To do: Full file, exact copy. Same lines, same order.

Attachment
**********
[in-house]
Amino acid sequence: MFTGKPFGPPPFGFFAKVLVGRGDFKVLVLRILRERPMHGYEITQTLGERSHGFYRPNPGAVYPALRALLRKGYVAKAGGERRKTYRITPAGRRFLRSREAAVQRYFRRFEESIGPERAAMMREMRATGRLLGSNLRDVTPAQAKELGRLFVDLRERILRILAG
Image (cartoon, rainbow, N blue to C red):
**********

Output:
[in-house]
Amino acid sequence: MFTGKPFGPPPFGFFAKVLVGRGDFKVLVLRILRERPMHGYEITQTLGERSHGFYRPNPGAVYPALRALLRKGYVAKAGGERRKTYRITPAGRRFLRSREAAVQRYFRRFEESIGPERAAMMREMRATGRLLGSNLRDVTPAQAKELGRLFVDLRERILRILAG
Image (cartoon, rainbow, N blue to C red):